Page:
Today when Blogadda has given me an opportunity to review her new cookbook ‘Southern Flavours’, I feel cherished and rewarded. Coming to the review part… From the cover page you can easily understand, it’s a precious jewel of cookbooks from Chandra Padmanabhan. Southern Flavours is very apt name to the book as it covers recipes from all four Southern states of India. One thing I like the most about her cookbooks is they start with good introduction on why she choose to write the book and then basic information on South Indian kitchen aids, along with whole lot of information on spices and very easy to refer glossary. As like every cookbook from Chandra Padmanabhan begins with basic recipes…..this book also starts with cooking plain rice in different methods, then much used spice powders/podis like Sambar Podi, Rasam Podi, Kuzhambu Podi, etc.,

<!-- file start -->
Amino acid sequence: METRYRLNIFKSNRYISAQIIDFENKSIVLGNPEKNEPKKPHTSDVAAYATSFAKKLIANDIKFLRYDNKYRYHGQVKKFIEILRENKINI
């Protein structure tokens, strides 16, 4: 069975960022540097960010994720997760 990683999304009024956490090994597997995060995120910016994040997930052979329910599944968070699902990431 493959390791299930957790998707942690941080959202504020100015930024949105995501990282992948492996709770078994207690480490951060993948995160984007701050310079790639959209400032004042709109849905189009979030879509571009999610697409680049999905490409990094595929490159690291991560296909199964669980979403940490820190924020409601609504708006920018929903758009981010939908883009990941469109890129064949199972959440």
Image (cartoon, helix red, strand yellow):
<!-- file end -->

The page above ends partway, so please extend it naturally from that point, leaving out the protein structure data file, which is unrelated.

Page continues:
To start with, she showcased some Soothing Sambars and Ravishing Rasams, which according to me are ultimate comfort food to dig in with hot rice along with any fry or papad. She adds some family & friends recipes by naming the recipe with their names like Chitra’s Keerai Sambar (Spinach curry from Tamil Nadu), Sheela aunties Pulusu (Tamarind curry from Andhra Pradesh), etc., When I was going through the list of recipes under this section one recipe caught my attention and that was “Kadugu Chaaru” which is an Rice Water Rasam from Andhra Pradesh. It was a unique & interesting recipe to me…as Rasam is made out of water which was used to rinse rice. Then to accomplish with Sambar & Rasam comes Poriyal & Kootu. Lentil based vegetable stew is called Kootu. An unusually dry vegetable dishes garnished with fresh grated coconut or pigeon peas or a combination of two can be termed as Poriyal. In this section you can find lot of recipes with medley of veggies, lentils and almost all the recipes call for fresh coconut as an ingredient. Alu Gadde Song a popular dish of curried potatoes from the Saraswath Community of Karnataka caught my attention, when flipping through this section. This dish calls for coconut oil & the author says if the dish is made a day earlier, the potatoes soak up the tart tamarind gravy & become mouth wateringly crumbly. Sounds drool worthy to me. The ultimate comfort food of South India is a bowl of rice. Rice with sambar/rasam along with curd makes a complete meal to many in South India. The author says rich and heavy Bissi Bela Hulli Anna & Kadamba Sadam are meals in themselves. The lighter rice dishes such as lime, coconut & tomato rice can be served at any course. According to me flavour rice varieties are perfect one pot meals & best lunch box recipes. In this book you can find different flavoured rice like Tomato Rice, Curry Leaf Powder Rice, Sesame Seeds ice, Coconut Rice, etc., simple ones like Potato Pulao & twist to taste like Rava Vangibath (Semolina & Aubergine Pilaf) If you are snack lover then this book offers extremely easy to make flavoursome snacks like Kaikari Bajji (Mixed Vegetable Fritters), Sundal’s, Kadhamba Dosai (Multigrain Pancakes), Goli Bajjay (Savory fritters from Udipi), Chepankizhangu Vadai (Colocasia Patties) along with whole lot of variety dosa’s Idli’s and Vadai’s including Ragi too. As every cookbook ends on a sweet note, this too has some authentic & state special recipes lined up to treat your taste buds and complete your platter. Ethekka Appam (Sweet Plantain Fritters) is very new recipe to me in this section. Under accompaniments section, author has given Chutney’s to accompany snacks & Thuvayal which can be eaten with snack or rice with a dollop of ghee. Cabbage Chutney is new to me under this header & sweet Green Chilli Relish is something I am carving for right now… Overall it’s a good cookbook with lots and lots of refined recipes which you cook in every day kitchen. If you are like me who always wants something new in the menu and loves to experiment and experience the cuisines from neighbouring states…this book should be your choice then. This ‘Southern Flavours’ is not only a medley of Andhra Pradesh, Tamil Nadu, Kerala & Karnataka but also medley of authors previous books (Southern Spice, Dakshin & Simply South). Along with the recipes from the old books, she added 50 new recipes in this book say the author. According to me this book could be an ideal gift to the bride if she is new to the kitchen. There are six suggested menus at the end of the book, which helps you in fixing your daily menu with ease. Handy tips and notes at the end of each recipe give extra information about the recipe. Approximate cooking and preparation to soaking times gives you a rough idea of the recipe. I won’t say it as a minus point, but what I felt was good pictures and more pictures in book could have done more justice to the book. Appealing food photographs draw more attention to the recipe, when you are new in making it. That’s what I thought… How can I leave a cookbook review without trying out some recipes from it. Due to lack of time, i hooked on to two simple recipes from the book, they are Bangala Dumpa Kurna (Rich and Creamy Potato Curry from Andhra Pradesh) and Kothamalli-Pudina Sadam (Coriander-Mint Rice from Tamil Nadu). Recipes coming soon….
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